2021-01-30 10:00:19 UTC
Permalink
Post by ***@aol.com
With many record collectors the collecting aspect is more important than the musical qualities of the recording that's on the record. For instance, many doo wop collectors are not interested in unissued material no
matter how great it is. They'd rather spend their money on a rare 45 where they already own that music than on a CD box set of unissued music, for instance.
I'm assuming you don't feel that way, Bruce? For years, you've said all that matters is what comes out of the speakers.
Sav...@aol.com
2021-01-30 15:27:15 UTC
Permalink
Post by Dean F.
Post by ***@aol.com
With many record collectors the collecting aspect is more important than the musical qualities of the recording that's on the record. For instance, many doo wop collectors are not interested in unissued material no
matter how great it is. They'd rather spend their money on a rare 45 where they already own that music than on a CD box set of unissued music, for instance.
I'm assuming you don't feel that way, Bruce? For years, you've said all that matters is what comes out of the speakers.
I never have, but lots of big time collectors do, even if they won't admit it. How else can you explain a vocal group collector who doesn't care about unissued Five Keys on Aladdin because it's not on 45.
Dean F.
2021-01-31 04:19:08 UTC
Permalink
Post by ***@aol.com
I never have, but lots of big time collectors do, even if they won't admit it. How else can you explain a vocal group collector who doesn't care about unissued Five Keys on Aladdin because it's not on 45.
Clearly, they care less about the music than the object it was pressed on. They might as well be stamp collectors.
Sav...@aol.com
2021-01-31 05:20:41 UTC
Permalink
Post by Dean F.
Post by ***@aol.com
I never have, but lots of big time collectors do, even if they won't admit it. How else can you explain a vocal group collector who doesn't care about unissued Five Keys on Aladdin because it's not on 45.
Clearly, they care less about the music than the object it was pressed on. They might as well be stamp collectors.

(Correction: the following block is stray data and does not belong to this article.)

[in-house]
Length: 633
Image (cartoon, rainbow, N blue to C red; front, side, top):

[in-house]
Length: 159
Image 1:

I've sold 5 copies of this record for between $750 and $900 apiece. They were found in an old store in Baltimore. The music is readily available, but people want to own an original. I don't even think it's all that good. A low 6 at best IMO. Maybe a 5.


Dean F.
2021-01-31 07:29:26 UTC
Permalink
Post by ***@aol.com
I've sold 5 copies of this record for between $750 and $900 apiece. They were found in an old store in Baltimore. The music is readily available, but people want to own an original. I don't even think it's all that good. A low 6 at best IMO. Maybe a 5.
The singer is off-key, the piano is out of tune, and the background vocals sound like an afterthought. You're being charitable when you give it a 5.
Sav...@aol.com
2021-01-31 16:26:01 UTC
Permalink
Post by Dean F.
Post by ***@aol.com
I've sold 5 copies of this record for between $750 and $900 apiece. They were found in an old store in Baltimore. The music is readily available, but people want to own an original. I don't even think it's all that good. A low 6 at best IMO. Maybe a 5.
The singer is off-key, the piano is out of tune, and the background vocals sound like an afterthought. You're being charitable when you give it a 5.
Somehow these soul collectors think it's an all time great record.
Dean F.
2021-02-01 07:44:28 UTC
Permalink
Post by ***@aol.com
Somehow these soul collectors think it's an all time great record.
It amazes me how many record collectors have tin ears.

Loading...